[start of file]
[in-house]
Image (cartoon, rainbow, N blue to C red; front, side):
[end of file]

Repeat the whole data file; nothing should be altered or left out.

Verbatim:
[in-house]
Image (cartoon, rainbow, N blue to C red; front, side):